Now let’s apply this to the concept of upgrading Design Thinking. Let’s call it Design Thinking 2.0.

Design Thinking as it is currently defined, consisting of three components:

1. Defining the Problem Statement or Mystery, often commonly referred to as asking “Wicked Questions.”

2. Formulating Heuristic Models of possible solutions, identifying patterns that might be good solutions to the “Wicked Questions.”

3. Taking the “Winning Heuristic Models” and industrializing them into Algorithmic Formulas that are doable cost effective solutions. The trick is accurately selecting the “Winning Models” and engineering them to be flexible in nature to change with the needs of the user and the intricacies of the supply value chain.

It is my strong opinion that Design approaches will be collaboration between “integrators, assemblers, and subsystem partners, using of LEAN Prototyping (Visualization), Crowd Sourcing, Gamification, and Business Analytics to align hardware and software product design lifecycles through the use of a “Product Cloud,” a zone within the Cloud for data collection and upgrade implementations to products and services. This approach will be a necessity for designing and delivering large, systems within systems type solutions. The use of next generation visualization tools and techniques (LEAN Prototyping) along with Real-time data analytics to reduce initial errors and auto correct designs in the cloud will be the way of the future for efficient product and services development and releases. The Crowd Sourcing and Gamification elements will encourage end user participation, a key element to designing products and services that users will want and adopt.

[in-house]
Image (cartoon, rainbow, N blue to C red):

So let’s define Design Thinking 2.0 as follows:

1. Use Crowd Sourcing and Business Analytics for defining and validating what are the right “Wicked Questions” to ask.

2. For “Heuristic Models” development the first round can be combination of human invention supplemented with and then later automatically enhanced in Richness of Experience, LEAN and Simplification of the Complexity of spec via Crowd Sourcing, Gamification, Innovation, and Business Information Analytics. Infinite variables addressing SMAC can be simulated and tested, all regulated by time, cost, and quality variables (the “Magic Triangle Riddle” might finally be solved!)

3. Taking the “Winning Heuristic Models” and industrializing them into algorithmic formulas that are doable, cost effective solutions. Algorithms are super charged through Business Intelligence in the product cycle described above directly into build. DevOps modeling and LEAN converge to implement system and program operations through the “Product Cloud Integration Layer” to take cost out, optimize the product to what the crowd and individual wants, while streamlining assemblers, integrators with sub-component designers and suppliers to make it all work.